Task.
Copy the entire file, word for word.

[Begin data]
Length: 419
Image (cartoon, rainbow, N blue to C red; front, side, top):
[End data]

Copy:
Length: 419
Image (cartoon, rainbow, N blue to C red; front, side, top):